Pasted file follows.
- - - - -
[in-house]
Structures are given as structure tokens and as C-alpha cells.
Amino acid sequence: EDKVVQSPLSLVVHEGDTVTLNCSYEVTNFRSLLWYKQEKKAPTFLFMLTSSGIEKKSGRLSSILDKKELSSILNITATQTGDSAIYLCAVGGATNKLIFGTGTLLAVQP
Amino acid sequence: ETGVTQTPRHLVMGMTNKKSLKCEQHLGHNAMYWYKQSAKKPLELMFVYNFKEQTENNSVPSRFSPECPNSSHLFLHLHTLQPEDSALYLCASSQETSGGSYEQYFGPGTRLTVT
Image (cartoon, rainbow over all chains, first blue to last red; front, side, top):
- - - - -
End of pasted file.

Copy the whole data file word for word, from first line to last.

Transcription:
[in-house]
Structures are given as structure tokens and as C-alpha cells.
Amino acid sequence: EDKVVQSPLSLVVHEGDTVTLNCSYEVTNFRSLLWYKQEKKAPTFLFMLTSSGIEKKSGRLSSILDKKELSSILNITATQTGDSAIYLCAVGGATNKLIFGTGTLLAVQP
Amino acid sequence: ETGVTQTPRHLVMGMTNKKSLKCEQHLGHNAMYWYKQSAKKPLELMFVYNFKEQTENNSVPSRFSPECPNSSHLFLHLHTLQPEDSALYLCASSQETSGGSYEQYFGPGTRLTVT
Image (cartoon, rainbow over all chains, first blue to last red; front, side, top):